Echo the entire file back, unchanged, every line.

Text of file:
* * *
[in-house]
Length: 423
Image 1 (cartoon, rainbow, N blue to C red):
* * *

[in-house]
Length: 423
Image 1 (cartoon, rainbow, N blue to C red):